I also notice that you’ve taken to posting copies of your tweeted versions at the top of your comments sections. There’s a related IndieWeb plugin called Syndication Links that is made specifically to keep a running list of the places to which you’ve syndicated your content. This plugin may solve a specific need for you in addition to the fact that it dovetails well with Brid.gy to make sure your posts get the appropriate comments back via webmention.
I’m happy to help walk you through setting up some of the additional IndieWeb tech for your WordPress website if you’re interested. I suspect that having the ability to use your website as a true online hub in addition to doing cross website conversations is what you’ve been dreaming about, possibly without knowing it. Pretty soon you’ll be aggregating and owning all of your digital breadcrumbs to compile at a later date into posts and eventually articles, monographs, and books.
In any case, thanks for sharing your work and your thoughts with the world. I wish more academics were doing what you are doing online–we’d all be so much richer for it. I know this has been long and is a potential rabbithole you may disappear into, so thank you for the generosity of your attention.
In what way are avatars a privacy risk? To display an avatar image, you publish an encrypted version (MD5) of the e-mail address in the gravatar’s image URL. Gravatar.com then decides if there is an avatar image to deliver, otherwise the default image is delivered. The default image’s address is also part of the overall gravatar …
ReadAvatar Privacy by Peter Putzer, Johannes Freudendahl(WordPress.org)
Avatars from Gravatar.com are great, but they come with certain privacy implications. You as site admin may already know this, but your visitors and users probably don’t. Avatar Privacy can help to improve the privacy situation by making some subtle changes to the way avatars are displayed on your site.
The plugin works without changing your theme files if you use a modern theme, and it does support (simple) multisite installations. It requires at least PHP 5.6 and WordPress 4.9. For the plugin to do anything for you, you need to visit the discussion settings page in the WordPress admin area and save the new settings. Please note that the plugin does not provide an options page of its own, it rather adds to the existing discussion settings page.
Not a day goes by that I don’t run across a fantastic blog built or hosted on WordPress that looks gorgeous–they do an excellent job of making this pretty easy to accomplish.
Invariably the blog’s author has a generic avatar (blech!) instead of a nice, warm and humanizing photo of their lovely face.
Or, perhaps, as a user, you’ve always wondered how some people qualified to have their photo included with their comment while you were left as an anonymous looking “mystery person” or a randomized identicon, monster, or even an 8-bit pixelated blob? The secret the others know will be revealed momentarily.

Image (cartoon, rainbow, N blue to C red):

Which would you prefer?
Somehow, knowing how to replace that dreadful randomized block with an actual photo is too hard or too complicated. Why? In part, it’s because WordPress separated out this functionality as a decentralized service called Gravatar, which stands for Globally Recognized Avatar. In some sense this is an awesome idea because then people everywhere (and not just on WordPress) can use the Gravatar service to change their photo across thousands of websites at once. Unfortunately it’s not always clear that one needs to add their name, email address, and photo to Gravatar in order for the avatars to be populated properly on WordPress related sites.
(Suggestion for WordPress: Maybe the UI within the user account section could include a line about Gravatars?)
So instead of trying to write out the details for the third time this week, I thought I’d write it once here with a bit more detail and then point people to it for the future.
Another quick example
Can you guess which user is the blog’s author in the screencapture?
The correct answer is Anand Sarwate, the second commenter in the list. While Anand’s avatar seems almost custom made for a blog on randomness and information theory, it would be more inviting if he used a photo instead.
How to fix the default avatar problem
What is Gravatar?
Your Gravatar is an image that follows you from site to site appearing beside your name when you do things like comment or post on a blog. Avatars help identify your posts on blogs and web forums, so why not on any site?
Need some additional motivation? Watch this short video:
Step 1: Get a Gravatar Account